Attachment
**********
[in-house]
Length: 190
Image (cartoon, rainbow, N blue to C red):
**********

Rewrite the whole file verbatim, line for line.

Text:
[in-house]
Length: 190
Image (cartoon, rainbow, N blue to C red):